Feds Sue MA over Oil Spill Law
So the State makes a few good moves and now the feds swoop in to defend the oil industry.
Here's the Text from http://www.southcoasttoday.com/daily/01-05/01-19-05/a01lo409.htm
Feds sue state over spill law
Complaint targets key parts of oil legislation
By DANIEL E. GOREN, Standard-Times staff writer
The federal government yesterday sued Massachusetts over key parts of a new law designed to protect the state's most sensitive waterways from oil spills, saying the legislation thwarts federal powers and should be permanently stopped.
A Bouchard Transportation Co. single-hulled barge spilled up to 98,000 gallons of oil in Buzzards Bay in 2003 and spurred legislators and environmental advocates into a bipartisan effort to fashion the landmark law.
Gov. Mitt Romney then signed it in August 2004, effectively requiring oil transporters to use tug escorts, designated vessel routes, tracking systems and pilots with knowledge of local conditions and setting up new insurance requirements and fees that encourage the use of double-hulled barges. Experts in the oil transportation industry warned at the time that federal law pre-empted the state law -- making it void.
Yesterday's 10-page complaint, filed on behalf of the Coast Guard and Department of Homeland Security, echoed the industry's sentiments, saying the law created "an overlapping and competing legal regime" for ships in Massachusetts waters.
That the Coast Guard, in defending its rights, would also defend those of the oil industry came as no surprise to Mark Rasmussen, executive director of the Coalition for Buzzards Bay.
"We've known for a long time that the oil industry has been pressuring the Coast Guard to fight this battle for them," said Mr. Rasmussen, whose organization helped write the bill in question. "What the Coast Guard is saying is that the narrow interests of those few oil companies is more important than environmental protection, which is one of its charges, and protecting the safety of the citizens of Massachusetts."
The Coast Guard recently held public hearings about creating federal rules similar to the Massachusetts law. At the hearings, more than 100 citizens as well as politicians, fishermen, scientists and tug boat operators supported stronger Coast Guard regulations. Now, the exercise feels like a "public charade," Mr. Rasmussen said.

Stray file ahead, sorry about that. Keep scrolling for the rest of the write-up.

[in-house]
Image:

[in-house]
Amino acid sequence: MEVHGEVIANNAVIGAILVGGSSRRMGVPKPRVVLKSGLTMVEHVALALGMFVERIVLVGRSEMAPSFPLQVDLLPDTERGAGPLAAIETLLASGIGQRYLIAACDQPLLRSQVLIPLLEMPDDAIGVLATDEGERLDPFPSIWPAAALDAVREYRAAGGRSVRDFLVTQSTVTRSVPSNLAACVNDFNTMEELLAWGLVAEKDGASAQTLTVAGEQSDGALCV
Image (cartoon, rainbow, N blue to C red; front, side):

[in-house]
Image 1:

"Apparently the entire time they were doing that they were preparing a lawsuit, which wasn't mentioned at all at the hearings," he said.
While Gov. Romney has been quick to highlight his bipartisan effort to write the state law, he has been "absent totally" from the fight to slow or stop a federal lawsuit against the Oil Spill Act, said U.S. Rep. Barney Frank, D-Mass.
"I thought the governor supposedly had influence with the president, that they were pals," Rep. Frank said. "I am very frustrated, because frankly the governor told us he was piling up all these points with the president, but he seems totally unwilling to use them for us back here.
"There is no indication the governor has done anything to stop them from killing our oil spill law," Rep. Frank added.
Rep. Frank said he offered Gov. Romney his help, and the help of other Democratic legislators in the fight. The offer was never taken, Rep. Frank said, and his recent phone calls to the governor's office on the matter were not returned.
Calls late last night to Gov. Romney's spokeswoman for comment were not returned.
In contrast, state Attorney General Thomas F. Reilly, who is widely expected to run for governor and has raised millions for his political war chest, urged U.S. Attorney General John Ashcroft to reconsider filing the lawsuit in a letter sent last week.
"It is unfortunate that the department and the Coast Guard are deploying scarce resources to undermine the protections afforded in the act, instead of using them to protect the public, the environment and economic interests from future incidents of this kind," he wrote.
The spill polluted more than 90 miles of shoreline, killed more than 460 birds and shut nearly 100,000 acres of acres of shellfish beds for months. The economy of SouthCoast was hit as those who worked in local fisheries suffered and tourism and recreational industries were interrupted.
Local legislators who helped write the bill -- and whose towns were struck hardest by the oil spill -- were dismayed at the news of a lawsuit that could strike the legislation down.
"I hardly expected the federal government to be leading the charge against environmental protection," said Rep. William M. Straus, D-Mattapoisett. "It makes it more important than ever that the Coast Guard move as quickly as possible to guarantee the same level of protection for our coast from oil spills. Then at least we would have the environmental protection, which is the important thing. Bragging rights come second."
Last night, with winter wind howling 30 knots on the bay and thermostats on land reading 2 degrees, Mr. Rasmussen said the point of the oil spill law should not be taken lightly.
"Because of that bill, tonight, in freezing conditions, a barge has a tug escort and a local pilot guiding it," he said. "What the Coast Guard is saying is that they think that a single-hulled oil barge would be better off in Buzzards Bay without a tug escort and a local pilot. To take down that law is to say that same thing.
"And we all know what the outcome of that can be," Mr. Rasmussen added.
This story appeared on Page A1 of The Standard-Times on January 19, 2005.